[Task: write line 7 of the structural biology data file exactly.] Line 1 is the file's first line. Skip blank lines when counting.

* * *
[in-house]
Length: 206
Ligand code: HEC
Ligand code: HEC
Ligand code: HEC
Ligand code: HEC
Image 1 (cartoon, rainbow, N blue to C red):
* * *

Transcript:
Image 1 (cartoon, rainbow, N blue to C red):